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Parasite. 2018;25:50. doi: 10.1051/parasite/2018045. Epub 2018 Sep 20.

Morphological and molecular characterization of Onchocerca fasciata (Nematoda, Onchocercidae) from dromedary camels (Camelus dromedarius) in Iran.

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Department of Pathobiology, Faculty of Veterinary Medicine, Shahid Bahonar University of Kerman, Postal code: 7616914111 Kerman, Iran.
Genome Biology Division, New England Biolabs, Inc., 240 County Rd, Ipswich, MA 01938, USA.
Dipartimento di Medicina Veterinaria, Università degli Studi di Bari, Str. prov. per Casamassima km 3, 70010 Valenzano, Bari, Italy.
Unité Molécules de Communication et Adaptation des Microorganismes, Muséum national d'Histoire naturelle, CNRS, 75231 Paris cedex 05, France.
Department of Pathobiology, Faculty of Veterinary Science, Bu-Ali Sina University, Postal code: 6517658978 Hamedan, Iran.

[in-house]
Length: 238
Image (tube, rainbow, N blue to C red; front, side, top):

Skin nodules of Onchocerca fasciata Railliet and Henry, 1910 (Spirurida, Onchocercidae) are a common finding in dromedary camels, though with a minimal clinical impact. There is little information about the morphology, molecular make-up and pathological impact of this parasite. Onchocerca fasciata nodules (1.3-2.1 cm in diameter and 509-841 mg in weight) were detected on the neck region in 31.5% of dromedary camels examined in Kerman province, southeastern Iran. Of 38 isolated nodules, only 23 (60.5%) contained viable worms. Measurement and morphological analyses were performed on isolated female worms by light microscopy. The identification of O. fasciata specimens was confirmed by sequence analysis of two mitochondrial genes (12S rDNA and cox1), which showed 0.4% divergence from available O. fasciata sequences. In addition, a phylogeny of filarial nematodes was constructed, based on these two mitochondrial genes and five nuclear genes (18S rDNA, 28S rDNA, MyoHC, rbp1, hsp70); this indicated that O. fasciata belongs to clade ONC3 of Onchocercidae, with representatives of the genera Onchocerca and Dirofilaria. Within the genus Onchocerca, O. fasciata is grouped with bovine parasitic species and the human parasitic Onchocerca volvulus, which suggests an impact of domestication on the radiation of the genus. Data provided here on the distribution and morphology of O. fasciata contribute to the molecular identification and phylogenetic position of the species.

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